LONDON (AFP) - The designer who caused a furore with his androgynous outfit for former One Direction singer Harry Styles helped kick off London Fashion Week on Friday (Feb 19), which is being held virtually due to coronavirus.
This time last year, thousands flocked to the global fashion event to see designs by Victoria Beckham and Vivienne Westwood, just weeks before the pandemic hit Britain.
This time, however, fashionistas will not be squeezing together on the front-row with social distancing measures still in place.
Instead, they will be following the latest trends from the comfort of their homes.
In another significant change from last year's events, the week is not dedicated to women's fashion and is gender neutral.
The new direction for London Fashion Week is typified by Harris Reed, whose designs have caught the eye of celebrities like pop star Harry Styles.
The former One Direction member turned heads in December when he appeared on the front cover of Vogue magazine wearing one of the 24-year-old stylist's creations: a frilled dress beneath a tuxedo jacket.
In his first collection after graduating London's Central Saint Martins College of Art and Design, Reed showcased six flamboyant looks that playfully blurred gender distinctions.
Bethany Williams, a 31-year-old climate-conscious designer, displayed colourful unisex coats created with recycled blankets as part of a collection made exclusively for the high-end Selfridges stores.
Paul Costelloe was also among those opening the event on Friday.
The British and Irish dual-national, a 35-year veteran of London Fashion Week, returned to his stylistic roots of late 1960s Paris, using striking ochre, orange and blue colours.
London-based Turkish designer Bora Aksu remained faithful to the look of previous fashion weeks by filming his AW21 collection within the Tate Britain gallery.
Models in his show wore long romantic dresses detailed with embroidery.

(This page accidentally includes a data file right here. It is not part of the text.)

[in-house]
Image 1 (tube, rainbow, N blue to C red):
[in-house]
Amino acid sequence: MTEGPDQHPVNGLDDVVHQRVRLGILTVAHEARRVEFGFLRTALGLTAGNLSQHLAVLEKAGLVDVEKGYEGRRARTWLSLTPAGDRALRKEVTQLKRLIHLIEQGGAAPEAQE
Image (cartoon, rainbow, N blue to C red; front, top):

The silhouettes of the clothing were inspired by revolutionary France and the mathematician and physicist Sophie Germain, who battled to make a place for herself in a very masculine world.
"Sophie's own isolation allowed her to find the ideas that would drive her for the rest of her life. In that way she has shown me that even in the bleakest of times, there is always hope, if one choose to seek it," Aksu explained.
Impact of Brexit
Among the most eagerly awaited collections are those by the British brand Burberry - known for its tailored trenchcoats - which will present its menswear Autumn/Winter collection for 2021, designed by Italian creative director Riccardo Tisci on Monday.
Former Spice Girl and designer Victoria Beckham presented her creations a few days before London Fashion Week.
Her collection, which mixes the seasons, aims to be "optimistic but realistic", she explained.
Beckham has been living under coronavirus lockdown in Florida, where her husband, former England football captain David Beckham, is now one of the co-owners of the American professional soccer club Inter Miami.
During the pandemic, the former pop star said "people still want to dress up" but with "a need for comfort".
Her designs include military details that evoke a "sense of protection - a toughness", she added.
Her collection also exhibits a lighter, more delicate side with dresses made from Jersey fabric or with prints of flowers and goldfish.
The more joyful designs are in stark contrast to the grim outlook for the fashion industry in Britain, seriously impacted by the pandemic.
Britain suffered more than 119,000 Covid-19 deaths and has been under national lockdown measures since January.
The fashion sector, which employs more than 890,000 people and contributed £35 billion (S$65 billion) to British gross domestic product in 2019, has also been hit by Brexit and the end of free movement between the European Union and the island nation.
In early February, hundreds of fashion figures - including top former models like Twiggy and Yasmin Le Bon - signed an open letter, coordinated by the industry forum Fashion Roundtable, warning the sector risked being decimated because of Brexit.
To increase the visibility of young talent in the pandemic, the British Fashion Council, which represents the industry, has partnered with the social media giant TikTok.
The umbrella organisation has also joined forces with Clearpay, a group allowing customers to "buy now pay later" to boost sales.